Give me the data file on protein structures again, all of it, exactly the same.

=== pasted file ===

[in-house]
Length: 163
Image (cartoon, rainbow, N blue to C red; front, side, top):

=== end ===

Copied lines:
[in-house]
Length: 163
Image (cartoon, rainbow, N blue to C red; front, side, top):